Legg-Calve-Perthes Disease

By Tammy Hunter, DVM; Ernest Ward, DVM

Surgical Conditions, Pet Services

This condition is also known as Legg-Perthes disease, Perthes disease, coxa plana, and aseptic or avascular necrosis of the femoral head.

This condition affects the hip joint which is a ball and socket joint. The ball is at the top of the thigh bone (femur), and the socket (acetabulum) is in the pelvis.

What is Legg-Calve-Perthes disease?

If the femoral head or ball develops necrosis or dies, it can no longer function properly. Necrosis is due to loss of the blood supply to the femoral head.

 

What causes Legg-Calve-Perthes disease?

Legg-Calve-Perthes occurs in young dogs and is a hereditary condition of small breeds, such as Chihuahuas, Bichon Frises, Poodles, Pomeranians, and terriers. It may also occur in cats. It is also common after trauma or injury to the leg or hip.

How is it diagnosed?

Diagnosis is based on clinical signs and medical history. The most common clinical signs are slowly progressing hind limb lameness, with resulting inability to bear weight on the affected limb or both hind limbs. It may begin in one leg and progress to both legs, especially in young pets. On clinical examination there is usually reduced hip joint movement, lack of muscle mass and apparent limb shortening. Owners often report that their pet has become increasingly irritable because of pain in the joint. Diagnosis is made by performing radiographs (X-rays) of the hip joint. Radiographs will show a misshapen appearance to the femoral head.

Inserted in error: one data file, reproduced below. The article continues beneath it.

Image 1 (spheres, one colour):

What is the treatment?

The treatment of choice is femoral head and neck ostectomy (FHO) or surgical removal of the femoral head and neck (see handout “Femoral Head Ostectomy (FHO) in Dogs”). Because the condition often affects young, small breed dogs, it is often unnecessary to replace the hip joint. Larger dogs with Legg-Calve-Perthes disease may require a total hip replacement (see handout “Total Hip Replacement in Dogs”).

What happens to the joint if part of the hip is removed?

Healing involves the laying down of fibrous tissue and in a very short time a false joint is created. Within months, most dogs are running and playing as if nothing happened.

Can complications occur with the surgery?

Complications are rare following this type of surgery. A small percentage of dogs will always experience some limping or discomfort and may require long-term anti-inflammatory medication. Others may require a second surgery to remove any residual bone spurs that may cause discomfort.

Will I be able to breed my dog?

Since this is often a hereditary condition, breeding any dog diagnosed with Legg-Calve-Perthes disease is not recommended.

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